Besides the beautiful and diversified landscape, the cultural heritage of the villages (religion, festivals, music, dance, folklore, literature, arts and crafts, local cuisine, as well as monuments and other constructions testifying for the people's history), and the cheerful spirit of the local people represents the local resources for rural tourism development.

Challenges and opportunities for the development of rural tourism in Oltenia Although governments generally acknowledge the role of rural tourism for the economic development of countryside, few European countries actually have an explicit rural tourism policy at national or regional level (Hall, Kirkpatrick & Mitchell, 2005). Romania is no exception to that.

For more than a decade, the Romanian legislation states that tourism is a priority domain for the national economy (Government Decision no. 58/1998), and stipulates various agreements for the development of rural tourism (Law no. 187/1998, published in the Official Gazette, no. 394/ October 1998). Despite the fact that during the last years, various strategies for the development of rural tourism were proposed and included in the National Program for Rural Development 2007-2013, in line with the CE regulation regarding the policy for rural development at the European level, as well as the Master Plan for the Development of National Tourism for 2007-2026, little progress has been done.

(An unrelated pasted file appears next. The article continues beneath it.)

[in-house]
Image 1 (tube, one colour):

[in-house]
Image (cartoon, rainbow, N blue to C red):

In order to get financial support, some projects should be drawn up and submitted to proper agencies; since the development of rural tourism relies mainly on the local authorities and rural entrepreneurs that do not have specific training and experience for this type of projects, it is very likely that these measures will not boost the economic development of rural areas, and in particular, rural tourism in Oltenia.

Having the proper legislation and support from the authorities, whether national, regional or local, although highly necessary, are not guarantees for the success of rural tourism, which does not have the same political impact as agriculture in order to attract subsidies or other financial support (Hall C.M., 2004). Also the characteristics of rural businesses, the structure of rural population (age, sex and education), the share of rural population in the total population of the region, economy diversification, and the average area of agricultural farm are also important factors.